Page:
I impart on the seminar that operational approaches and campaign plans are not the sole business of joint or combatant command staffs. Rather, they are the language of senior leaders both in joint and service commands. I offer them examples such as the Army’s Human Dimension Strategy, the Navy Strategy for Achieving Information Dominance, the JECC 2020 Campaign Plan, and the Marine Corps Vision and Strategy 2025. Each document is a little different in presentation, but all describe the current environment, the future environment, problems to overcome. Some have lines of effort, all have objectives in time and space to get them to their desired conditions.
At the conclusion of academics, the seminar took a van ride over to the Piers on the main portion of Naval Station Norfolk for an hour long tour of an attack submarine. Tours of naval ships is certainly a highlight of the course. Typically students will tour a submarine and an aircraft carrier in port. Personally, the surprising aspect of each ship is the sheer size. For example, up until my first time boarding the U.S.S. Hampton Roads, my mental picture of an attack submarine was something along the lines of Das Boot or U-571. The depth, or number of floors on the submarine surprised me. But make no mistake, Denzel Washington isn’t going to run laps on the inside of a submarine either. On the other hand, it’s still small, and not a place I would want to spend an extended amount of time in. Hats off to Submariners.
Friday 11 October
Always a good day that begins by opening the inbox and seeing a letter of acceptance from a publication you send an essay to. Naturally, I will post it here, and other means of social media when it is published.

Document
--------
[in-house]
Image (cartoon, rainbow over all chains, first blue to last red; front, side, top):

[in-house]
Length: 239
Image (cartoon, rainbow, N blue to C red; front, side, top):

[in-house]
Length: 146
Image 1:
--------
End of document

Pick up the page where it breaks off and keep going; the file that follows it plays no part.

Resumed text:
We started today with a guest speaker, retired Ambassador Miles. A couple times a year a former Ambassador will address the seminar to provide a perspective from other agencies of the U.S. government. It’s an important piece of the larger planning puzzle. What DoD and the military does around the world may be the biggest elephant in the room, but there are other elephants. A key insight however, was the observation that typically, U.S. Ambassadors do not think nor act regionally. They are responsible for their own country, which is a juxtaposition of our Combatant Commands who look at the world and various problem sets through a regional lens.
We finish the week with some more work on the operational approach, walking each of the three OPTs through intermediate military objectives (IMOs) within their campaign plan. Each OPT briefs them to the rest of the seminar, and by noon everyone is ready for the three-day weekend.
Happy Columbus Day